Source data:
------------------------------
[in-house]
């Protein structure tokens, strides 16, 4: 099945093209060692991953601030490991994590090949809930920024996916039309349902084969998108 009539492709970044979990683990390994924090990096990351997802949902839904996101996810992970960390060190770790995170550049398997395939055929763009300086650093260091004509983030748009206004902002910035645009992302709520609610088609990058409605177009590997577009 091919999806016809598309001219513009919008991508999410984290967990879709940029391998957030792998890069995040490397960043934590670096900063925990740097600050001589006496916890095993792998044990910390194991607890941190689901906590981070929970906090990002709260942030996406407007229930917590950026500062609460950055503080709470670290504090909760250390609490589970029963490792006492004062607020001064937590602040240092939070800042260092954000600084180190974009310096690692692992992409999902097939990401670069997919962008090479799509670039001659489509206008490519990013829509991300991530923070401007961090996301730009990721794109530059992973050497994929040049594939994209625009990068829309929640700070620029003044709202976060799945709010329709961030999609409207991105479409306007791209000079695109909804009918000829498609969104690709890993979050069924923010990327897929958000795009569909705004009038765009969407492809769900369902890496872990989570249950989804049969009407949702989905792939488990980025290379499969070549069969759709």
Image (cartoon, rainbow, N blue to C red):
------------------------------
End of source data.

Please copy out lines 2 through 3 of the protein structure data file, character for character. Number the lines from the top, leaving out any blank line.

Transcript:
């Protein structure tokens, strides 16, 4: 099945093209060692991953601030490991994590090949809930920024996916039309349902084969998108 009539492709970044979990683990390994924090990096990351997802949902839904996101996810992970960390060190770790995170550049398997395939055929763009300086650093260091004509983030748009206004902002910035645009992302709520609610088609990058409605177009590997577009 091919999806016809598309001219513009919008991508999410984290967990879709940029391998957030792998890069995040490397960043934590670096900063925990740097600050001589006496916890095993792998044990910390194991607890941190689901906590981070929970906090990002709260942030996406407007229930917590950026500062609460950055503080709470670290504090909760250390609490589970029963490792006492004062607020001064937590602040240092939070800042260092954000600084180190974009310096690692692992992409999902097939990401670069997919962008090479799509670039001659489509206008490519990013829509991300991530923070401007961090996301730009990721794109530059992973050497994929040049594939994209625009990068829309929640700070620029003044709202976060799945709010329709961030999609409207991105479409306007791209000079695109909804009918000829498609969104690709890993979050069924923010990327897929958000795009569909705004009038765009969407492809769900369902890496872990989570249950989804049969009407949702989905792939488990980025290379499969070549069969759709």
Image (cartoon, rainbow, N blue to C red):